INTERVIEW: Fortitude Valley | NARC. | Reliably Informed | Music and Creative Arts News for Newcastle and the North East

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With the power battle that ran between American and British guitar bands across the 90s and into the 2000s dying somewhere in the past decade, it now seems that there’s pretty easy pickings for anyone smart enough to choose the shiniest parts of the past 30 years and pull it into their own original sound. You can make your own mind up about what you’d take, but for me I’d collect the lo-fi guitars, humorous side nods and glories melodies (a la Phoebe Bridgers) and mix them with perpetual progression of sound, honest lyrics and a charismatic frontperson (The 1975). If your collection was similar to mine, you may enjoy indie power-pop band Fortitude Valley; an act sparkling in both a lo-fi sound and glorious melodies.

Fortitude Valley are made up of members from a collection of bands NARC. readers may well be familiar with (including Martha, Night Flowers, ONSIND and Tigercats); they make a strong case that whilst genres and scenes come and go, good music sticks around. “We came about for a number of reasons,” confirms frontwoman and chief songwriter Laura Kovic, “partly because I’d written a bunch of songs and didn’t want to be a solo act, and also because we all added really important ingredients and tastes to the songs. Being able to collaborate with other musicians who love music is vital for a band.”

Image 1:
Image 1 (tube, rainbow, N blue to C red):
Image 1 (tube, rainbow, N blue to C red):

Being able to collaborate with other musicians who love music is vital for a band

Set to release their self-titled album this month, and already being linked to the sound of Belle & Sebastian, Weezer and Pavement, early Fortitude Valley releases showcase both the humour and the love of melodies that are central to their style; recent single Cassini glows with a bubblegum punk vibe, while Baby, I’m Afraid possesses a sassy, intellectual Dandy Warhols-esque pop drive and wit. “The album’s quite varied I think,” confirms Kovic, “that’s partly because we all like a number of different bands, and also because we recorded the album with a large Covid break in the middle and I think that the break slightly altered what was influencing us and meant some original songs didn’t get recorded and new ones came in. Things like that can influence a record and make it more varied.” Indeed, alternate moments on the album include the all-out alt. pop banger All Hail The Great Destroyer and It’s Not U, It’s Me with its Lush sounding bounce.

Fortitude Valley are now ready to get on the road, with an album tour on the horizon in the near future and a gig at Middlesbrough’s Twisterella festival playing immediate focus: “We can’t wait for that one as it’s local to where we’re based and it’ll be one of the first times we’ve had to get out and play some of the newer songs from the album.”

Kovic says the band are looking forward to releasing the record and hearing it’s impact: “Finally it feels like the album’s coming out, and we’ve got shows to play it live, and all of those things are such a great relief as we’re really proud of the album and want people to hear it.”

Fortitude Valley release their self-titled album on 29th October. They play Twisterella Festival in Middlesbrough on Saturday 9th October


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